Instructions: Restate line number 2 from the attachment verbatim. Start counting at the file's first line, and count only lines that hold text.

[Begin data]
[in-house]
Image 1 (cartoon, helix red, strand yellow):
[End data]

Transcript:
Image 1 (cartoon, helix red, strand yellow):